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Home » ‘Living In Fear’: Wife Of Northern Ireland Police Officer Tells Of Anger Over Data Breach

‘Living In Fear’: Wife Of Northern Ireland Police Officer Tells Of Anger Over Data Breach

The wife of a serving Northern Ireland police officer has told Sky News they are living in fear after a huge data breach compromised his details.

She said she and her husband already both check under their cars every morning “in case of any suspicious devices” and varied their routes to work.

In an interview with Sky’s senior Ireland correspondent David Blevins, the woman said she found out Police Service of Northern Ireland (PSNI) had inadvertently published the information online in a text message from her husband on Tuesday afternoon.

The UK Information Commissioner’s office said on Tuesday confirmed it was investigating the breach while “working with the PSNI to establish the level of risk and mitigations”.

Read more: Why the Northern Ireland police data breach is so serious

“It’s just total disbelief to be honest that something like this can happen,” the officer’s wife said.

“I was so shocked at what I was hearing and reading and quite frankly really, really angry that this has been allowed to happen.

“And I think PSNI is entirely responsible and somebody needs to be held to account for what’s happened here.

“Ultimately, in my opinion they have failed in their duty of care in relation to keeping their employees safe.

“It would be bad enough if it was a small amount of people but given the fact it’s the entire workforce of every officer and every member of police staff it’s just totally unacceptable.”

Image: PSNI officers have been targeted by paramilitary groups The breach, published online for up to three hours in response to a Freedom of Information request, involved the surname, initials, the rank or grade, the work location and departments of all PSNI staff, but did not involve the officers’ and civilians’ private addresses.

Data breach plays into hands of those who deem officers of the crown legitimate targets

David Blevins

Senior Ireland correspondent


It would be difficult to exaggerate the scale of what the Police Federation is calling a “monumental” data breach.

Northern Ireland is the one part of the UK where the terror threat level has been raised from substantial to severe, meaning attacks are highly likely.

That threat comes from dissident Irish republicans, the self-styled New IRA in particular, a conglomerate of breakaway factions still pursuing Irish unity by violent means.

The release of the names and ranks of an estimated 10,000 serving police officers and civilian staff plays right into the hands of those who deem officers of the crown legitimate targets.

Earlier this year, the New IRA claimed responsibility for a gun attack on Detective Chief Inspector John Caldwell in Omagh – he was shot and seriously injured.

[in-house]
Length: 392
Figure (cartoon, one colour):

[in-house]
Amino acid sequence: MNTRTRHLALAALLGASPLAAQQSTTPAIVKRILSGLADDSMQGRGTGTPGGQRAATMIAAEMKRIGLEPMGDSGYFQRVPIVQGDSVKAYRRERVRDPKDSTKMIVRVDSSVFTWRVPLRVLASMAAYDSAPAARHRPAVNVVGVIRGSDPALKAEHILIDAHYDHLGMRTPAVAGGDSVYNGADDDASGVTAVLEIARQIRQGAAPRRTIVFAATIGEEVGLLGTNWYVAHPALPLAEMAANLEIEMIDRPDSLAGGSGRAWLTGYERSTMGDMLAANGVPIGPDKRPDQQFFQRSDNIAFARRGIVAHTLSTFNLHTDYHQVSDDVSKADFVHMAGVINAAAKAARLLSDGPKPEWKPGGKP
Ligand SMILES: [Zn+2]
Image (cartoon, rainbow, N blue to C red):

Police officers I’ve spoken to say they’re required to implement rigorous data protection protocols and are furious their own data has been breached.

Chief Constable Simon Byrne is under pressure to cut short his holiday and return to Northern Ireland.

Given that the security of his officers and their families should be his top priority, he would be wise to do so.

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Speaking under the condition of anonymity, the officer’s wife said they do not talk about what her husband does for a living outside the family or their immediate circle of trust – and they will now have change the way they live even further.

“We will have to be extra vigilant going forward,” she said.

“Although our personal addresses haven’t been included in this breach, we already have to be careful about having that connection with the PSNI and because of that information now being in the public domain we have no control over who knows.

“We also have two young children to protect and there are still people out there who deem police officers and their families as legitimate targets so it just adds that further element of fear to our daily life.”

PSNI officers face a unique terror threat within the UK and have been targeted by republican paramilitaries in recent years. In March the terror threat level in Northern Ireland was raised to severe.

When asked: “So you’re living in fear?” she replied: “Effectively, yes we are.”

A spokesperson for the UK Commissioner’s office said: “We recognise the potential impact on the people and families affected by this breach, and we expect appropriate action to be taken by the Police Service of Northern Ireland as a matter of urgency.

“The incident demonstrates just how important it is to have robust measures in place to protect personal information, especially in a sensitive environment.

“The ICO works to support organisations to get this right so people can feel confident that their information is secure, and harms can be prevented.